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Archive for the ‘Careless Driving’ Category

Driving Without Due Care and Attention Charge Discontinued

Cindy Morrison* approached Forrest Williams after she had been charged with driving without due care and attention following an incident in which her vehicle hit another car whilst she was reversing in a hospital car park.  Cindy explained to us at the time that she had been visiting a seriously ill relative, and that the weather had been horrendous, with torrential rain.  Although she had felt a slight ‘tap’, she had inspected both vehicles and could see no damage to either, so had continued on her way.

 

However, the incident had been witnessed by a hospital worker, who had made a note of Cindy’s registration plate and notified the police.

 

Cindy was duly approached by the police, interviewed and charged.

 

As she already had 9 points on her licence, she received a summons to court as the ‘totting up’ of points to (or beyond) the threshold of 12 points meant that she would automatically fall to be disqualified from driving for a period of 6 months.  As Cindy relied on her driving licence to be able to work as a Sales Executive, she had asked us for help in preparing an Exceptional Hardship application as she knew that this was the only way in which she might avoid the court’s automatic disqualification for ‘totting’.

 

However, on the day of the hearing, Cindy’s barrister read through the paperwork provided by the Crown Prosecution Service and spoke with the prosecutor about the charge of driving without due care and attention.  He cited case law and queried whether it was in the public interest to proceed with the prosecution, given the circumstances relating to the offence.

 

In an unusual move, the prosecutor reviewed Cindy’s file while in court and made the decision to discontinue the charge against her.

 

Cindy was delighted with this result.  Not only did this mean that she would avoid the automatic 6 month disqualification as a result of ‘totting’, but it also meant that she would be refunded a percentage of her legal fees.

 

Cindy gave thanks to Forrest Williams, with a special mention to the barrister who represented her at the hearing in Mansfield Magistrates’ Court.  Forrest Williams were proud to be able to inform Cindy that every barrister instructed by the company is hand-selected.  Not only do these professionals have to demonstrate excellent advocacy skills and legal knowledge, but also a dedication to client care that is second to none.

 

If you want further information on Careless Driving/Driving without due care got to our specialist Careless Driving page.

 

*Client’s name changed to protect identity.

 

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Driving Whilst Using A Mobile Phone To Become A Taboo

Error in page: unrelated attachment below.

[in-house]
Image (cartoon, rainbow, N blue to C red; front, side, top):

A police inspector has predicted that driving whilst using a mobile phone will become a taboo, following an announcement that the number of penalty notices given to drivers in Kent for this offence was the lowest it has been for 5 years.

 

Inspector Paul Sellwood said:

 

“I think mobile phone use will […] become taboo in time but we’ve got to keep pushing the message out.  There are still a sizeable number of motorists that will use their phones.”

 

The announcement revealed that a high of almost 6,000 fixed penalty fines for driving whilst using a mobile phone were handed out in 2010-2011, compared with just over 2,700 in 2012-2013.

 

The announcement comes at an interesting time, with researchers at Carnegie Mellon University and the London School of Economics analysing over eight million car crash incidents and all road fatalities in eight US states over a 3-year period.

 

Their results have shown no correlation between the number of calls being made by drivers and the number of accidents recorded, although the research only included phone calls and not text message sending or internet browsing.

 

Dr Vikram Pathania from the LSE has advised further study to look into the effects of mobile phone use generally whilst driving.

 

While it is legal to make calls using a hands-free kit, drivers should be warned that they can still be penalised if they seem to be distracted from driving because of phone use.

 

New Careless Driving Fines To Be Introduced This Week

 

Further to the Government’s announcement in June to make it easier for police to penalise lane-hogging and other minor driving behaviours, on-the-spot fines for careless driving will come into force from Friday, 16 August 2013.

 

The penalty will see drivers facing a £100 fine and three penalty points on their licence for a range of new offences classed as ‘careless driving’.

 

The plans have been criticised, however, due to a lack of publicising the specific behaviours that will be penalised.  The most widely reported has been middle-lane hogging, which has caused a lively debate, but there is little awareness of the full range of behaviours that will be considered anti-social and will now be fined.

 

Police will be given powers to fine motorists found tailgating, failing to give way at junctions, using wrong lanes on roundabouts  and queue jumping.

 

Forrest Williams conducted an online survey researching the standard to which people drive; and whether motorists felt that their driving standard was as good, better or worse than when they passed their test.  Most people admitted that they have picked up bad habits during their driving lives and make minor errors when driving that may, now, see them with a conviction for careless driving.

 

What is your opinion about these new fines?  Are they punishing genuine driving errors, or simply looking to ways to increase revenue through fines?

 

If you have been given a fixed penalty for careless driving and want to contest it call us on  01623 600645 for free and impartial advice.

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